Conflict of Interest

The authors declare that the research was conducted in the absence of any commercial or financial relationships that could be construed as a potential conflict of interest.

Acknowledgments

We gratefully acknowledge Engineering Research Center of Medical Imaging Artificial Intelligence for Precision Diagnosis and Treatment of Guangdong Province for their technical support.

Supplementary Material

The Supplementary Material for this article can be found online at: https://www.frontiersin.org/articles/10.3389/fonc.2019.01021/full#supplementary-material

Abbreviations

PT, Phyllodes tumor; FA, Fibroadenoma; T2W-STIR, Short TI inversion recovery T2-weighted; CCMF, Clinical and conventional MRI features; TIC, time–intensity curve.

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Keywords: texture analysis, breast, magnetic resonance imaging, phyllodes tumor, fibroadenoma

Citation: Mai H, Mao Y, Dong T, Tan Y, Huang X, Wu S, Huang S, Zhong X, Qiu Y, Luo L and Jiang K (2019) The Utility of Texture Analysis Based on Breast Magnetic Resonance Imaging in Differentiating Phyllodes Tumors From Fibroadenomas. Front. Oncol. 9:1021. doi: 10.3389/fonc.2019.01021

Received: 15 June 2019; Accepted: 23 September 2019;
Published: 15 October 2019.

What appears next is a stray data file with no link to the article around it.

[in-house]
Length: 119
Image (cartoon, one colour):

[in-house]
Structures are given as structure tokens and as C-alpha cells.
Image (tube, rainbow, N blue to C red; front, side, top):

Edited by:

Xuelei Ma, Sichuan University, China

Reviewed by:

Laurence Gluch, The Strathfield Breast Centre, Australia
Johanna Patricia Adevoso Canal, University of the Philippines Manila, Philippines

Copyright © 2019 Mai, Mao, Dong, Tan, Huang, Wu, Huang, Zhong, Qiu, Luo and Jiang. This is an open-access article distributed under the terms of the Creative Commons Attribution License (CC BY). The use, distribution or reproduction in other forums is permitted, provided the original author(s) and the copyright owner(s) are credited and that the original publication in this journal is cited, in accordance with accepted academic practice. No use, distribution or reproduction is permitted which does not comply with these terms.

*Correspondence: Liangping Luo, tluolp@jnu.edu.cn; Kuiming Jiang, kmjiang64@sina.com

These authors have contributed equally to this work as co-first authors